Other aspects of the cooling physics and energy feedback from supernovae remain unchanged in these simulations. Shen et al. (2010) describes the primordial and metal-line cooling used, as well as the diffusion of metals that captures the effect of the turbulent interstellar medium on metal mixing. A uniform UV background turns on at , mimicking cosmic reionization following a modified version of Haardt & Madau (2001). Star particles are born with a Kroupa initial mass function (Kroupa et al., 1993). Each SN deposits 10 ergs of thermal energy within a “blastwave” radius calculated following Ostriker & McKee (1988), with cooling turned off in the affected region for a time that corresponds to the expansion phase of the SN remnant, and described in detail in Stinson et al. (2006). As described in Stinson et al. (2006), supernova type Ia and II yields are adopted from Thielemann et al. (1986) and Woosley & Weaver (1995), respectively, and implemented following Raiteri et al. (1996). This prescription was shown to reproduce the observed stellar mass – metallicity relation for galaxies as a function of redshift (Brooks et al., 2007; Maiolino et al., 2008).

We demonstrate in this paper that including baryons in these simulations can dramatically alter the satellite evolution in comparison to the dark matter only case. Hence, we also have DM-only runs for the two halos described above. The force resolution and 0 properties (i.e., number of DM particles and halo mass) of these DM-only halos are identical to the SPH runs, though the mass of the dark matter particles in the SPH runs is lower by a factor of (), where is the cosmic baryon ratio, /, and is 0.175 for the adopted cosmology.

2.1. Satellite Selection & Luminosity Function

Satellite ID
(1) (2) (3) (4)
h258, sat1 3.5e5 1.5e7 0.6
h258, sat2 3.4e5 8.9e6 0.9
h258, sat3 737.5aaGiven the radial distance of this object from the center of the main halo that it orbits, this mass of HI would remain undetected by current HI observations. We therefore consider it a dSph analog. 6.5e6 2.1
h258, sat4 0. 3.4e6 1.3
h258, sat5 0. 5.7e7 2.1
h258, sat6 1.2e5 2.6e6 1.0
h258, sat7 0. 9.1e5 1.2
h258, sat8 0. 0 1.5
h258, sat9 0. 2.2e5 1.8
h258, sat10 0. 0 1.3
h258, sat11 0. 1.4e6 1.0
h258, sat12 0. 5.4e4 2.1
h258, sat13 0. 7.3e3 1.2
h277, sat1 3.2e7 2.2e7 0.02
h277, sat2 3.8e7 3.7e7 0.2
h277, sat3 5.1e6 3.8e7 1.5
h277, sat4 1.3e6 3.0e6 0.9
h277, sat5 0. 0 1.4
h277, sat6 0. 9.0e6 1.6
h277, sat7 0. 1.4e5 1.6

Note. – Column (1) -band magnitude, calculated based on the age and metallicity of the star particles and adopting the Starburst99 stellar population synthesis models of Leitherer et al. (1999) and Vázquez & Leitherer (2005) for a Kroupa IMF (Kroupa, 2001). Column (2) is the mass in HI gas in the satellite at =0. Column (3) is the mass in HI gas in the satellite at infall. The redshift of infall is listed in column (4).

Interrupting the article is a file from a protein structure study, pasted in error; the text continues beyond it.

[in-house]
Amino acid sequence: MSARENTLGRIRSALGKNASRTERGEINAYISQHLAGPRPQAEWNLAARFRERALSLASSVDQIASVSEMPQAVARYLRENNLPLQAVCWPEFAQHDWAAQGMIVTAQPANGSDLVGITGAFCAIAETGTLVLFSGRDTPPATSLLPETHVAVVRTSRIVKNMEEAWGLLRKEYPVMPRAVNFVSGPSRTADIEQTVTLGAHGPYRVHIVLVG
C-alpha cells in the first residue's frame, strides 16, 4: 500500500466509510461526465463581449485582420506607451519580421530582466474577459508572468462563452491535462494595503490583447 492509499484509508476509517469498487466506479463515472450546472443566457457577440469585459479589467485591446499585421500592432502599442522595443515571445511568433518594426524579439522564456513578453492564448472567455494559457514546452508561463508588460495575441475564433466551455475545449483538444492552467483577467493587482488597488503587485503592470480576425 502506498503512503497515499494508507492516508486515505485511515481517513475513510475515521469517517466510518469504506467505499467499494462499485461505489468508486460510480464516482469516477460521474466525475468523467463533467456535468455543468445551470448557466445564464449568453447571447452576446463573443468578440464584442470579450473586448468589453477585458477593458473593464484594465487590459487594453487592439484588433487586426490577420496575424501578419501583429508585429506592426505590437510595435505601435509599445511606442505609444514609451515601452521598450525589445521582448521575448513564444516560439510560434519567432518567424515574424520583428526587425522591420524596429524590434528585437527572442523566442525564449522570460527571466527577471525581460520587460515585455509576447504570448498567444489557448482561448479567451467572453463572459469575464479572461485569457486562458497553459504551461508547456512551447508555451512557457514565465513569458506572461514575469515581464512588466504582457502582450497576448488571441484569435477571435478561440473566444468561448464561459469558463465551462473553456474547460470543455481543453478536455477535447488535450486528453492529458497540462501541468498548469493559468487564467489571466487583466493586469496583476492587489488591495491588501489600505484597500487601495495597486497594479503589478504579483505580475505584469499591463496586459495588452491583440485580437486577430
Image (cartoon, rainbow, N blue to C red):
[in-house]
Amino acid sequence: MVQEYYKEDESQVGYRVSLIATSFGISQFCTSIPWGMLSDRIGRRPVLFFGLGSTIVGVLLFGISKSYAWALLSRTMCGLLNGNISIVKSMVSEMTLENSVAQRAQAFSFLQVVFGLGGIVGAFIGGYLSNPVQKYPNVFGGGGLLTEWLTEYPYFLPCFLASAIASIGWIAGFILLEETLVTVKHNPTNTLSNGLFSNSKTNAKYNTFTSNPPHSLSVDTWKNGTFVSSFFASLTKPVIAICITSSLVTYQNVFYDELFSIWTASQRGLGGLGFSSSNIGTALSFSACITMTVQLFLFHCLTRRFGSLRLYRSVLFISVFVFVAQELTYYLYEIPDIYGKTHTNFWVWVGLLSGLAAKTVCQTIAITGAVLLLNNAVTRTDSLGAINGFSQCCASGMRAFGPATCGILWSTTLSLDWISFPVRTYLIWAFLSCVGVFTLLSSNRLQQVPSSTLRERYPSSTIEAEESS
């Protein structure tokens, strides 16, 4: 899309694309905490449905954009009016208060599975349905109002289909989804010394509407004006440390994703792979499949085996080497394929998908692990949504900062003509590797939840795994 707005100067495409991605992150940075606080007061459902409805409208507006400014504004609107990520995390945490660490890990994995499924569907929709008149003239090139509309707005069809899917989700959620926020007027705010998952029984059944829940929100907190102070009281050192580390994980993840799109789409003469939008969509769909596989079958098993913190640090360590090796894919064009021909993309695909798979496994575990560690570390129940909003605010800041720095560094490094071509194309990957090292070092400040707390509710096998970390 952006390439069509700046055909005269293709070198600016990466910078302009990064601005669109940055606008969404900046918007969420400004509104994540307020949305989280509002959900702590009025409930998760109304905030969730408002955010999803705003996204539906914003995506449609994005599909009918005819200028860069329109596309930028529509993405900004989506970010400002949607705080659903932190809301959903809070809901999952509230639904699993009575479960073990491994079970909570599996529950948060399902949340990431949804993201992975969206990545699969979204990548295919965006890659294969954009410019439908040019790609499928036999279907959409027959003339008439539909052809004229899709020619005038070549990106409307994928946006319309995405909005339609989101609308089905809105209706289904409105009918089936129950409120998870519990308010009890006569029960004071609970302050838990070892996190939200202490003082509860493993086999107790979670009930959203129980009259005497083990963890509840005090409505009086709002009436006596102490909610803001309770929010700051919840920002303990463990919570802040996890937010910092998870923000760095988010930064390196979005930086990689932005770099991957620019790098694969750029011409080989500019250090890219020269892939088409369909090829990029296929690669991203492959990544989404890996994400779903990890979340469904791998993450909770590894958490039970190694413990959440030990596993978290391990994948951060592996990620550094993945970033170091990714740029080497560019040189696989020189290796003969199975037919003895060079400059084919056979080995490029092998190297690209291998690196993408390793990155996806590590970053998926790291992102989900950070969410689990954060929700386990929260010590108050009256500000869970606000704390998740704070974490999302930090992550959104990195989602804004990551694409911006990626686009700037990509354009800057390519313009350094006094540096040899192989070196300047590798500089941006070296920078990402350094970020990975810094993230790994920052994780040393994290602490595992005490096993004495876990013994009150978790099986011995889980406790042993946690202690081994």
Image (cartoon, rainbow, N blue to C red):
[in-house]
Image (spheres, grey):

Table 1Satellite Properties

Because the main purpose of this work is to study the properties of the satellites of Milky Way (MW)-mass galaxies, we explain our method for selecting satellites in this section. Halos and their subhalos are identified at each output time step (every 320 million years) using AHF (Knollmann & Knebe, 2009; Gill et al., 2004). For field galaxies, AHF adopts overdensities with respect to the critical density as a function of redshift from Gross (1997). At =0 the virial radius of h258 and h277 are 240 kpc and 230 kpc, respectively.

We first find all of the subhalos that are within the 0 virial radii of the two primary halos described above. We then reduce that list to only those subhalos that are luminous, with a minimum of 10 star particles. This list of subhalos is likely to include some subhalos that have undergone a large amount of dark matter stripping, but Brooks et al. (2007) showed that the star formation histories (SFHs), and hence stellar masses, of these simulations converges only when the halo has more than 3500 DM particles. Hence, we then trace back the primary progenitor halo for each of the subhalos. To do this, we successively identify the halo at each higher step that contains the most DM mass of the lower halo. We verified that all of our luminous satellites have had more than 7000 DM particles within their virial radius at some point in the halo’s history, ensuring that their stellar masses are robust to resolution effects. We exclude bright, Magellanic-like satellites with from this analysis, which removes from each simulation one bright satellite. However, we make no cut on satellite morphology at , so that the final list of subhalos includes both gas-free and gas-rich satellites.

Table 1 lists some of the properties of the satellites studied in this paper. We note that h258 has 13 luminous satellites and h277 has 7 satellites, despite their similar halo masses. This demonstrates that the number of satellites (and particularly the number of highest mass satellites) is very stochastic at a fixed parent halo mass (Vera-Ciro et al., 2012; Sawala et al., 2012).

The orbital evolution of every satellite was traced with respect to the parent halo. Although some satellites may enter the virial radius of the parent halo and exit again, we identify the infall redshift as the time at which the satellite first enters the parent halo’s virial radius. The infall times are listed in Table 1, and in all cases the infall redshift is at 3 (see also Zentner & Bullock, 2003; Geen et al., 2012).